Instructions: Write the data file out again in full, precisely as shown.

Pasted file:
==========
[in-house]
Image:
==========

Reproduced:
[in-house]
Image: